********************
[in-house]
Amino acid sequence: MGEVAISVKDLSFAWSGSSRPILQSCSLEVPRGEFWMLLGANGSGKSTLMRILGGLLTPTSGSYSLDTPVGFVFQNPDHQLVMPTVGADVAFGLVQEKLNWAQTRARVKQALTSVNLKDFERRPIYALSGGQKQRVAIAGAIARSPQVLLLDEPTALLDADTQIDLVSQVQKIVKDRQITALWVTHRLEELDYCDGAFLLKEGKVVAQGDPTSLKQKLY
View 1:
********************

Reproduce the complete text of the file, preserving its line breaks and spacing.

[in-house]
Amino acid sequence: MGEVAISVKDLSFAWSGSSRPILQSCSLEVPRGEFWMLLGANGSGKSTLMRILGGLLTPTSGSYSLDTPVGFVFQNPDHQLVMPTVGADVAFGLVQEKLNWAQTRARVKQALTSVNLKDFERRPIYALSGGQKQRVAIAGAIARSPQVLLLDEPTALLDADTQIDLVSQVQKIVKDRQITALWVTHRLEELDYCDGAFLLKEGKVVAQGDPTSLKQKLY
View 1: